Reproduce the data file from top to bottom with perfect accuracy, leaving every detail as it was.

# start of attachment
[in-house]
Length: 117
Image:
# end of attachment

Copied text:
[in-house]
Length: 117
Image: